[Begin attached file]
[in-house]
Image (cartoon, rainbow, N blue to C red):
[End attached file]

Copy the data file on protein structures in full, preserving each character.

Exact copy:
[in-house]
Image (cartoon, rainbow, N blue to C red):